Use this URL to cite or link to this record in EThOS: https://ethos.bl.uk/OrderDetails.do?uin=uk.bl.ethos.733698
Title: Reading and writing about unseen literary texts at a post-16 school in Malta : practices, perceptions, feedback, and challenges
Author: Xerri Agius, Stephanie
ISNI:       0000 0004 6494 7041
Awarding Body: University of Leicester
Current Institution: University of Leicester
Date of Award: 2017
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Abstract:
This study explores the practices of preparing students for reading and writing about unseen literary texts at a post-16 school in Malta. The types of feedback students receive on their essays about unseen literary texts are also examined. This study discusses whether students apply their teachers’ feedback to future writing. Data collection occurred through semi-structured interviews with students and teachers, and classroom observation. The study adopts an interpretivist paradigm, and data were analyzed according to a grounded theory methodology. The reported findings are presented according to four elements of grounded theory: Processes, Actions, Perceptions, and Challenges. The study’s main contribution is to present interconnected research on three categories: reading, writing, and feedback. Primarily, how reading and writing about unseen texts take place, how they are perceived, and the challenges students face. This leads to a consideration of teacher feedback on writing, how it is provided and perceived, feedback application and challenges in the latter. Students’ and teachers’ perceptions in shaping practices emerged as a recurring issue in all three categories. The perceptions also highlight a number of challenges pertaining to writing essays and using teacher feedback. The study concludes that the differing perceptions held by teachers might be influencing the students’ attitudes towards unseen literary texts, leading to a fear of literary criticism and writing. Hence, holding more dialogues between teachers and students on the nature of reading and writing about unseen texts is suggested. Another conclusion heightens the need for more work on feedback provision and application. Timing and the language of feedback emerged as pressing issues over which there was doubt and uncertainty. These conclusions prompt further research and training on the multifaceted nature of reading and writing about unseen texts, and feedback application.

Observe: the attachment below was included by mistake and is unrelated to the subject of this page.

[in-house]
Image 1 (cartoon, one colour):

Supervisor: Dymoke, Sue ; Rogerson-Revell, Pamela ; Davies, Diane Sponsor: Not available
Qualification Name: Thesis (Ph.D.) Qualification Level: Doctoral
EThOS ID: uk.bl.ethos.733698  DOI: Not available
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